Subcultures of the Internet – The Covert

It is difficult addressing the culture of the Covert without calling up images from popular culture.  Anonymous, by far the most well-known of the hacktivists, is probably the first image that comes to many people’s heads, followed closely by the recent articles concerning the crackdown on child pornography.  Not surprisingly, many businesses and governments despise the covert, because their actions cannot be regulated.  As a result, it is difficult to find a place where they are portrayed in a positive light, without using radical resources.  Both there and “official” articles about them are biased accounts, highlighting a particular aspect of the culture.  To evaluate the entire culture would require admitting that, as an unregulated media, it is simultaneously the most useful and the most dangerous part of the internet.

There are many different names for the habitat of the Covert – the Darknet, the Deepnet, the Dark Fiber, the onion network – and each word has a slightly different definition.  The specifics of each of these do not matter much to me, at least for the moment.  In general, the Covert communicate with each other and share files secretly, making use of programs like those that hackers use to conceal their identities.  In fact, to be able to assure their security, many of them are programmers and hackers.

This entire topic is the source of a great amount of political debate.  In fact, CISPA, a legislation similar to (and as many claim, more dangerous to the online world than)  SOPA, is being voted on this week, and if it passes the Covert will be more vilified than ever.  These multiple attempts to put a legal censor on internet communication in America has fairly recently become prevalent, in response to the internet’s involvement in such movements as the Arab Spring and Occupy Wall Street.

The Covert are the people who organized these events, who communicated with each other to organize revolution at the risk of being prosecuted by the powers they were protesting.  The Covert are shielded from their identity, and therefore have the freedom to speak their mind, to tell others about the oppression they have faced.  The Covert are the instigators of political change.  There are Covert in China, publishing posts and communications against the censors of their government, which would most likely execute them if they were caught.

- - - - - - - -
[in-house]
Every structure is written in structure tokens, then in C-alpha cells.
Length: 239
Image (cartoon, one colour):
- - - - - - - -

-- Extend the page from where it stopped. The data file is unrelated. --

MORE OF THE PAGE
I personally have never been to the Darknet, because I do not fully understand the legal consequences of it, but I have heard accounts of people who have.  The Darknet can generally be divided into two groups: the illegal and the anti legal.  The illegal include the child pornography websites, the black market sites people can visit to order drugs or prostitutes.  The anti legal include the protesters in oppressed countries, those who are crying out for freedoms the only way they safely can.  Who knows, America could eventually become one of those oppressed countries, if and when CISPA and the further restricting legislation which will surely follow is passed.  To pass legislation enabling the governments to fight the illegal will also empower them to silence the anti legals.

The bright side is that silencing the Covert is like taping a screen to prevent air from coming in.  No matter how much tape you put on, the air will always find its want through the screens.  It will just be more difficult for a time, until they adapt.

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